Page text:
I have a question for Indiana Governor Mike Pence: With the passage of Indiana’s Freedom of Religion Act, will some God-fearing folk be able to change the words “Colored” or Negroes” on the signs above to “Gay?” Governor Pence said, “This bill is not about discrimination, and if I thought it legalized discrimination in any way in Indiana, I would have vetoed it.” Really? Everybody, including Governor Pence, understands that the bill was designed to give people (clergy?) the freedom to deny marriage to gay couples. What’s the difference between denying gay marriage on religious grounds or a religious person denying service to a gay person at a restaurant? Will anti-gay religious people be able to designate water fountains for “Gay” and “Everybody Else” or change signs like the ones below to read: “GAY PEOPLE SERVED IN THE REAR. WE SERVE GAY PEOPLE CARRY OUT ONLY?” As one lawyer commented with regard to my questions, the Indiana law creates a “very slippery slope.”
Governor Pence and the Indiana legislature passed this law only because the Supreme Court has done a courageous thing. The Court determined (thus far and I hope will do so with finality) that to deny marriage to a gay couple deprives them of an unalienable right. Yea!! How I wish all religions would affirm the right of ALL people to love and marry as they choose.
I have been an ordained United Methodist pastor for 30 years. My denomination currently bars its clergy from performing gay marriages. No state or federal government agency has ever attempted to order the United Methodist Church to allow its clergy to perform gay marriages. They never will. What we do in our church buildings is our business. Unless we break a law that injures somebody else, we have the freedom to practice our religion inside our buildings as we wish. If, however, I shoot a person in my church building or outside of it, I will be arrested, because I denied somebody their unalienable right to “life, liberty and the pursuit of happiness.” As far as I am concerned, my denomination’s rules against gay people DO deny good people of an unalienable right, which is why I will perform a gay marriage, whether inside or outside my church building. Our unjust rules, however, have me asking if I can remain a member of my denomination, even though the local church that I currently serve has, for over 20 years, declared itself to be open, affirming, welcoming, reconciling or any other word you want to use that says, “Welcome! You are a beloved child of God! Come sing and pray with us!” Even so, am I condoning injustice by staying? That’s a troubling question.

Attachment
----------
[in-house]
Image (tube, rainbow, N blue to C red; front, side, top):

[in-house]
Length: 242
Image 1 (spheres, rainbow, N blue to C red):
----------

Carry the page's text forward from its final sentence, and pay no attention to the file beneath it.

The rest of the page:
The saddest thing is that some Christian people deny gay people their rights, because the Bible says homosexuality is wrong. Yes, it does. The Bible also says that slavery is OK, but we determined that the Bible was wrong on that one. It says women should have their heads covered in church, but nobody enforces that rule. Why don’t Christians eat Kosher foods? The Bible says we should. I have heard one too many Reverends say, “Well, those things were written for “back then.” My question is, “How do they know what was written for “back then” and what was written as God’s eternal truths? Nobody denies that God calls us to be a people who create love, justice, peace, grace and hope. To deny people the right to express their love for each other is a fundamental breaking of God’s law.
I heard Rev. Brent Sadler on CNN say that, if we abandon the rules in the Bible, we will have to “start to try to figure things out.” That’s right, Rev. Sadler. We need to believe every word in the Bible, otherwise we will have to THINK! Wait a minute! Didn’t God create us with a brain? I assume that since God created us with a BRAIN, God also expects us to use it to decide what is right, loving and just. However, if Rev. Sadler doesn’t want to “figure things out,” in our great country, we respect his right to do so. He cannot, however, deny me or anybody else, the right to use our God-given intelligence to discern the ways of God.
When Dr. King led the civil rights movement, he advocated for non-violence. His reason was that, by practicing peace, his people would prove that they were more enlightened than those who beat them with clubs or taunted them with vulgar words. As frustrated as I am with the leaders of the State of Indiana and what some people in the United Methodist Church declare to be truth, I will not stoop to their level. Instead, I will pray for them. I will pray, “O Lord have mercy on their souls.”
John E. Holt, Cotuit, Massachusetts